"Dances" = Works of GISMONTI, SCOTT, BOCCHERINI, PIAZZOLLA, TRADITION, LAGRENE, Etc. [TrackList below] – Aquarelle Guitar Quartet – Chandos CHAN 10609, 61:13 [Distr. by Naxos] *****:
This is an encore to the delightful debut CD on this label from the Aquarelles – Spirit of Brazil. The ensemble has widely performed two of the great concertos for four guitars – the Rodrigo and Torroba’s Concierto Iberico. The British quartet has assembled here a fine program of 18 selections built around the theme of dance forms. The guitar is perfect for this sort of percussive rhythmic material, and four of them are even better.
The opening piece sort of continues the theme of their previous Brazilian album. It is built on the baiao folk rhythm from northeastern Brazil, and gets things off to a lively start. Argentina is also represented in the gorgeous Death of the Angel by Piazzolla, and the Mexican folksong Malaguena Salerosa has a strong dance rhythm, coming originally from the flamenco culture of Spain.
The major work on the album is by the British composer Andy Scott, and is an eight-movement suite of seven dances and “No Looking Back,” written especially for the quartet. “The Swan LK 243” is a gentle musical remembrance of its composer – harpist Catriona McKay – having been a crew member during a tall ship race in 1999. The energetic closing track is from leading gypsy jazz guitarist Birelli Lagrene, in the virtuosic style of Django Reinhardt, but expanded to four guitars.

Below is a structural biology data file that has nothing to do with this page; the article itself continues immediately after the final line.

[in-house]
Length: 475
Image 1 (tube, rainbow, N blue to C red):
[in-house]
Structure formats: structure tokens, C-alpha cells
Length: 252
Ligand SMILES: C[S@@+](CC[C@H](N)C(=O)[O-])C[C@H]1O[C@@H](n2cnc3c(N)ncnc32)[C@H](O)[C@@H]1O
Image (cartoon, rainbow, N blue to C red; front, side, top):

The spatiality and presence of the four guitarists is really excellent – as good as the multichannel SACDs from the LA Guitar Quartet. Still, it’s too bad Chandos didn’t choose to release this as one of their few recent SACDs.
TrackList: GISMONTI: Baiao Malandro; EDUARDO MARTIN: Hasta Alica Baila; ANDY SCOTT: Seven Dances and No Looking Back; BOCCHERINI: Introduction and Fandango; TRAD.: Ajde Dali Znaes Pametis Milice, Pajduska, MAlaguena Salerosa, Tarantella; PIAZZOLLA: La Muerte del Angel; CATRIONA McKAY: The Sawn LK 243; BIRELI LAGRENE: Made in France.
– John Sunier